Building A Defense And Proffer Meetings
If you were accused of a crime and law enforcement is seeking information about the crime, it is possible agents will invite you to a proffer session. These meetings are often mutually beneficial, law officials will obtain the information they want about the crime itself and the people involved. In exchange, you may be able to have your potential penalties reduced or have changes completely dismissed. Some proffer meetings result in a person avoiding charges to begin with.
After an arrest or when you are brought in for questioning about a crime, connect with a Houston criminal lawyer. Your attorney can be by your side if you are invited to a proffer meeting, or even initiate a proffer session if they see key reasons why the charges against you are weak. Then, sharing data about the weakness of the charges with the prosecution team could lead to the prosecutor deciding to not move forward in exchange for your cooperation.
Who Is Involved In the Proffer Meetings?
Typically, a proffer meeting will be attended by the defendant, their attorney, law agents, and the prosecutor who is building the case against the suspect. Understanding who will be in attendance and why they are there is an important part of preparing for a proffer meeting.
You, as the defendant, will need to be prepared to answer questions. Being truthful and fully answering the questions asked is in your best interests. That said, you only want to answer the question asked. There is no need to over-speak when sharing details of a crime or the factors surrounding the criminal event, as you may end up unintentionally sharing information that is not favorable for you and the agreement you are seeking.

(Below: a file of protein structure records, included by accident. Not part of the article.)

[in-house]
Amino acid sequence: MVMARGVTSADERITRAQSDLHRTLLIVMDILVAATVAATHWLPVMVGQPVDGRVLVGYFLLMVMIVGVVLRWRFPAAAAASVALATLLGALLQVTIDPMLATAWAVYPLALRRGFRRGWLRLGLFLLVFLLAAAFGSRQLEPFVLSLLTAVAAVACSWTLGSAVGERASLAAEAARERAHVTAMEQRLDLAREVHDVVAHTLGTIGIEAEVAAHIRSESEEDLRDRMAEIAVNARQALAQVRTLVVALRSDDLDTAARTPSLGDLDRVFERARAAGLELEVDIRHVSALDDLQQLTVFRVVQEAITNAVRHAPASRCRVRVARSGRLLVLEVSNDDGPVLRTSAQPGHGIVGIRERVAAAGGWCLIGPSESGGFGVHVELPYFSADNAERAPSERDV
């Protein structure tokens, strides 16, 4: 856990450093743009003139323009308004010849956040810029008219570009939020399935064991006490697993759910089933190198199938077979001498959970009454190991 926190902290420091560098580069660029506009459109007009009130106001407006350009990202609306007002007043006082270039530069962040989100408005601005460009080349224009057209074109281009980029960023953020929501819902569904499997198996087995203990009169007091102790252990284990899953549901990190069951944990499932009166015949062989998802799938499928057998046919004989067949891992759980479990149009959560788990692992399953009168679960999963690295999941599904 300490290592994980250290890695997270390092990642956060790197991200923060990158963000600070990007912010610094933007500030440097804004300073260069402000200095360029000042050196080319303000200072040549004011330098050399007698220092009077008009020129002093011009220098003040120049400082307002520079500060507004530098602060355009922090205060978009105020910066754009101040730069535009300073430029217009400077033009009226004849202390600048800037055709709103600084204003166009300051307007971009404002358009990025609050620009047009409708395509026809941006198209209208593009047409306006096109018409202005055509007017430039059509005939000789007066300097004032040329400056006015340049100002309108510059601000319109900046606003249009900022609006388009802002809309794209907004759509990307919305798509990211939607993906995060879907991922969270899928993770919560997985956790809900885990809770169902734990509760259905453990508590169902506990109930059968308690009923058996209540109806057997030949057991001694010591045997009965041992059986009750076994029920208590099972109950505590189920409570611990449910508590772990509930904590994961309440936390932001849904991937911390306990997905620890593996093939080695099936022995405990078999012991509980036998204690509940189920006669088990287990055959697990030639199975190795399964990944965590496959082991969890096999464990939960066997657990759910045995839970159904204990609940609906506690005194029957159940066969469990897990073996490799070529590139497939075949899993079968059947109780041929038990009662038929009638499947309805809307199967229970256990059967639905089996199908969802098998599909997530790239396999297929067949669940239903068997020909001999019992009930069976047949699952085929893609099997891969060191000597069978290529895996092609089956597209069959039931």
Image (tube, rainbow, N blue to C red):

Should I Agree to a Proffer Session?
Determining if you should or shouldn’t agree to a proffer session depends on the details of your case. Talking through the pros and cons of attending a proffer is advised, because although they can be helpful for defendants, there are also times when the meetings complicate your defense.
For example, not all proffer sessions are the same. Sometimes law enforcement will call for a reverse proffer meeting. Essentially, these meetings mean the prosecutor has an incredibly strong case against you and they want to meet with you and your Houston criminal lawyer to discuss all of the reasons you should cooperate to the fullest extent possible.
Have you heard discussions about a proffer or a reverse proffer session and are unsure if it is part of your case? Because criminal charges can result in harsh penalties, including freedom loss and hefty fines, it is essential you take your arrest seriously and connect with a Texas criminal attorney as soon as you are able to make the call. Federal, state, and local charges can all be reviewed by a Texas law expert. Then, the legal team at Ayson Law Firm can build your defense, which may include proffer sessions, if appropriate. Contact us today for a free consultation.